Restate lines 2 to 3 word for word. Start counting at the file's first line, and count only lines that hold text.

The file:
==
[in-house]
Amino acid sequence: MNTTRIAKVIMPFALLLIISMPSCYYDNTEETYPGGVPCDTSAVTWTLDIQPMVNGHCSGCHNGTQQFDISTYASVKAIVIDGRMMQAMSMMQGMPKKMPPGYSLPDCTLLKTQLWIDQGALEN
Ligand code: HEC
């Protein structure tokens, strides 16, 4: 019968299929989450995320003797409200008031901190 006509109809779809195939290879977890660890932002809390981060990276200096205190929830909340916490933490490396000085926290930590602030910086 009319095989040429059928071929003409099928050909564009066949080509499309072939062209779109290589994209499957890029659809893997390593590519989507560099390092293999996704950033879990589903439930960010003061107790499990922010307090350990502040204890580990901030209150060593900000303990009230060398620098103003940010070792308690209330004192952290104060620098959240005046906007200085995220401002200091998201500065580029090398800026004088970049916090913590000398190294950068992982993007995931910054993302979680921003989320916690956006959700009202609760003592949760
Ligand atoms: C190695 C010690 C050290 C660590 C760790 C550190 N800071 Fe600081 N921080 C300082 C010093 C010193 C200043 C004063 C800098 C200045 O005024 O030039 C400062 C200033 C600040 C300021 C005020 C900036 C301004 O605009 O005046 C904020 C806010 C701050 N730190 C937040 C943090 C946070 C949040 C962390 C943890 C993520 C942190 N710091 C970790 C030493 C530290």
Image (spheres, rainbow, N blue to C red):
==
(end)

Amino acid sequence: MNTTRIAKVIMPFALLLIISMPSCYYDNTEETYPGGVPCDTSAVTWTLDIQPMVNGHCSGCHNGTQQFDISTYASVKAIVIDGRMMQAMSMMQGMPKKMPPGYSLPDCTLLKTQLWIDQGALEN
Ligand code: HEC